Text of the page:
Turning 16: What did I learn? (1/3) | Tech Mahindra

Turning 16: What did I learn? (1/3)

Dear friends,

November 2020 (almost) marks the end of an eventful year, and the beginning of my 17th year with Tech Mahindra. I vividly remember, the first years between just two offices – at Chandivali in Mumbai and Sharda Centre in Pune – and a journey that I began with 5,000 odd colleagues, which continues till date as we pride ourselves as a 125,000 strong multinational company present in 90 countries across the world, and rooted in India.

In my blog today (which is, by the way, an extract of my first-ever podcast), I share a few learnings from my 16-year journey.. they’ve become life lessons for me:

1.A culture that makes everyone belong is a culture that belongs to everyone. Back in 2004, I’d see young colleagues spending time together after office, playing mock cricket with modified bats, and I would join in. Today, 16 years later, am happy that hasn’t changed. We’ve retained the soul of the small company in the body of our large organisation.  At the core of our culture is the celebratory spirit and the giving spirit. I am proud that teams like Josh and location councils ensure we celebrate each moment even as we drive positive change in the lives of all our stakeholders.

2.If you’re not having fun, you’re not doing it right. The question to ask yourself is – how much do you laugh while you’re at the workplace (or work, in the current times)? If you treat others with respect and are treated the same in return, get to collaborate and work as teams, have opportunities to do good outside your work, improve yourself as a person and a professional, and are constantly on a journey of change – you have a higher chances to find yourself smiling at work. Thankfully, and thanks to all of you, I’ve always found myself there.

3.Tech makes a difference. However, it doesn’t change a few things. Take preparation for an important client meeting, for example. Back then, we’d require going to a library or consult people to find information. Today, tech brings everything in your hands – yet, it cannot and should not replace the advance preparation. Tech may have given you smarter, easier ways of doing it, but the very need for it remains as it is..

4.The sea and the sand, the grass and all things grand – must be enjoyed barefoot. Why does the food van in a local market serve better noodles than you’d have in the finest restaurants? Why will first-hand experience always be a better teacher for you than someone else’s knowledge and wisdom? As human beings, we are driven by natural instincts of curiosity, adventure and the need to make new relationships with ourselves and the world around us. It is important to keep that streak alive in us.

5.The Social Animal, since forever. The Social Network, forever & beyond. The need to connect with fellow beings is as old as the fire or the wheel. I’d say, ‘stay connected’ is easily one of the good disorders to have in our life. In fact, if I were to believe my favorite coffee ad, you meet 80,000 people in your lifetime and I’d give you only one takeaway, borrowed from the ad itself: “you have a moment now”. I’ve followed one rule here: never, ever eat alone. The best bonds are formed over food. You can try!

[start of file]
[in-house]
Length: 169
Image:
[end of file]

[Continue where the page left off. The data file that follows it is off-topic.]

6.Be a good leader. Be a good follower. And know when to be what. Those who know me well, know that mine is what you’d call the Panchayat style of leadership – believe in the power of collaboration, and never be the first or only one to decide. I’ve benefitted greatly from having great heads, hands and hearts in my closest team – for me, the goodness of a group has always worked better than the greatness of a person. At the same time, one must understand that sometimes there won’t be a plan B. Therefore, you should also know when to switch from being peacetime to wartime leaders. Our fight against the pandemic is one such example – when you go out with a single goal to survive to live another day, the bigger picture takes a backseat, and conquering the immediate battles helps you eventually win the big war.

7.Never waste a good crisis. The wise man couldn’t have been wiser. Question to those who live in the Netflix generation; think & tell: do you think the cinema industry died because of OTT or did it survive because of OTT? There will always be an opportunity of window, if not a whole new door, when the other closes on you. Find it. Embrace it. Transform. Become more, different, new – whatever time & the situation demand of you. If I can’t inspire you enough, let Amitabh Bachchan say it: ‘jo bhi ho, setback ka jawaab comeback se do’ (whatever happens, answer setbacks with comebacks).

On this note, I’d like to thank each one of my colleague at Tech Mahindra, who have helped me be and remain a part of this great institution, and hope that you’ll continue to teach me in days to come, too.

Stay safe.

Stay connected.


Note: This article is an extract of CP's first podcast with Tech Mahindra, released on his 16th work anniversary with the company, and is the first blog in a three-part series. Listen to the podcast (on Anchor or Spotify) for the full conversation, which including a rapid fire with CP | Read more blogs by CP | Follow CP on LinkedIn & Twitter

About the Author
CP Gurnani
Managing Director and Chief Executive Officer, Tech Mahindra